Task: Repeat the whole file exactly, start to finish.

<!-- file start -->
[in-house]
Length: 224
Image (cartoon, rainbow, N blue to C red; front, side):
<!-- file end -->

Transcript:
[in-house]
Length: 224
Image (cartoon, rainbow, N blue to C red; front, side):